*Community Clothing – literally anything from here – social enterprise bringing sustainable manufacturing to deprived areas of the UK. Classic and quality socks, t-shirts and jumpers, jackets if your budget allows.
*Vintage clothing – I’ve got my eye on some awesome retro gaming jumpers, geeky Christmas jumpers, classic bow-ties and accessories
*Safety razor – sleek, reusable and plastic-free. tick, tick, tick.
*Bow ties are geek chic and can be made relatively simply.
*DIY apron – yes, it will be cool and ‘manly’, I promise. I like the Japanese cross over aprons with some pockets in a sturdy denim or linen.
*Hampers with local craft beer or gin, cheese and local chutneys
For the older kids:
Always a tricky category!
* Classic vintage sportswear on Depop and Ebay. Teenagers and young adults can be tricky so vintage designer brands can be a good shout with good eco-credentials!
*2020 has difficult for young people so to have something to look forward to can be give a big moral boast to those in lockdown… An experience for when the world opens up – cinema vouchers, skateboard lesson, tickets to a theatre show or exhibition, indoor climbing sessions or outdoor sporting activities.
For the Little Ones:
For me, the key here is quality and not quantity. I’ve seen my own children become some overwhelmed with the number of presents that we have had to spread them across a few days. I like the old adage:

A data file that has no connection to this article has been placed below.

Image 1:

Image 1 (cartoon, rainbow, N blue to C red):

Something you want,
Something you need,
Something to wear &
Something to read
For little kids you can’t beat secondhand or a bit of re-gifting. This is where some careful charity shop (online only at the moment – sad times), Facebook Marketplace and eBay can be perfect for grabbing a secondhand bargain. For my own children, I have looked for quality (mostly wooden) toys and have picked up some fantastic items – rocking horse, skittles, play kitchen and you can’t go wrong with a train track! (You can usually resell on once they have grown out of them… don’t forget the resell value!!)
*Christmas sacks or stockings – something they can use every year
*Personalised bunting for their bedroom
*Dressing up! Let your imagination run wild – dragon tails, fairy wings, crowns and capes
I hope that helps with some ideas or at least gets the creative juices flowing with some big-brand alternatives! Check out my previous post for more sustainable Christmas ideas on eco wrapping and decorations. Enjoy and Merry Christmas!!